Mild is one of the most traditional beer styles which is enjoying a revival in today’s real ale market. Usually dark brown in colour, due to the use of well-roasted malts or barley it is less hopped than bitters and often has a chocolaty character with nutty and burnt flavours.
Cask conditioned Mild is a rarity in a lot of parts of the country, which is a crying shame, because Mild is a distinctive and tasty beer. Mild is one of, if not the, oldest beer styles in the country. Until the 15th century, ale and mead were the major British brews, both made without hops. Hops were introduced from Holland, France and Germany after this time. This also started the trend on reducing the gravity of ale, as the Hop is also a preservative, and beers had to be brewed very strongly to try to help preserve them. The hop also started the rapid decline of mead, which is only made in a very few places today.
So what is Mild? It is a beer which has tastes and textures all it’s own. Basically it is a beer that is less hopped than bitter, etc. The darkness of Dark Milds, such as Greene King XX Mild, comes from the use of darker malts and/or roasted barley which are used to compensate for the loss of Hop character. “Chocolate “, “fruity”, “nutty” and “burnt” are all tastes to be found in the complexity of Milds. However, not all milds are dark. Yorkshire brewed Timothy Taylors Golden Best is one of the best examples of a light coloured mild, as is Bank’s Original, the name changed from Mild to try to give it a more modern image. In Scotland, 60/- ale is similar to mild (Belhaven’s being a good example).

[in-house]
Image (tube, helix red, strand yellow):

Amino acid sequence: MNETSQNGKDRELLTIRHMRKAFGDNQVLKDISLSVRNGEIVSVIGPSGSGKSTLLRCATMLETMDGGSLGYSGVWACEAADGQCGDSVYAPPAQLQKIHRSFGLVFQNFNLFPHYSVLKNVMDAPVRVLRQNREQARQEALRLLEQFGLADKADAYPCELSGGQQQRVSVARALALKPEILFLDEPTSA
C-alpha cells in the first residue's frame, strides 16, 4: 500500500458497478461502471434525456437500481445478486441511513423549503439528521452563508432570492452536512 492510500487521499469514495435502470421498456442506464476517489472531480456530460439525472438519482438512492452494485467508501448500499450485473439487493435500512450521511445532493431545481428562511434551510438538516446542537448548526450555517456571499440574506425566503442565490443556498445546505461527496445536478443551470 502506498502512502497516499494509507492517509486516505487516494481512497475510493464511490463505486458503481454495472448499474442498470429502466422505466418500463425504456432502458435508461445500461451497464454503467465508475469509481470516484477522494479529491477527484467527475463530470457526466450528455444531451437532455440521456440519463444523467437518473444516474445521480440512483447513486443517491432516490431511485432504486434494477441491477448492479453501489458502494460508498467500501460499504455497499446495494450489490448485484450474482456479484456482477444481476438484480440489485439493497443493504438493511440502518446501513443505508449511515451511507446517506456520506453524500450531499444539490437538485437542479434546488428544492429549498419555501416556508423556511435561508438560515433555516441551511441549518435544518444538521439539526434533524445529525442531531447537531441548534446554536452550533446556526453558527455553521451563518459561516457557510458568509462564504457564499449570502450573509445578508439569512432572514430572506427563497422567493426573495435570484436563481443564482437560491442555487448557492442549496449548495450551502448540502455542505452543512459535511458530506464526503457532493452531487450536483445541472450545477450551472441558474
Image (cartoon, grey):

Milds today tend to have an ABV in the 3% to 3.5% range, with of course some notable exceptions. In fact, a lot of the Microbreweries who try their hand at mild are bringing the alcohol content back up somewhat! Mild wasn’t always weaker though. In the latter half of the 19th Century, milds were brewed to about the same strength as bitters as a response to the demand for a sweeter beer from the working classes and in those days most bitters were around 6 to 7% ABV.
During the First World War, malt rationing and pressure from the temperance movement led to brewers rapidly reduced the strength. Following the Second World War, as prosperity returned, mild’s popularity as a cheap ale began to fade, not being helped by being kept badly in run down pubs as the Big Brewers began to heavily promote their keg lager brands. Coupled to this was a gradual, but steady decline in heavy industry in the North and Midlands of Britain, mild’s great marketplace.
By the 1970s, the keg lager boom had seen mild’s share of the market fall to around 13% and it was a shame to see a bland gassy and overpriced product, which was generally weaker than the mild it was trying to oust, succeed in many cases.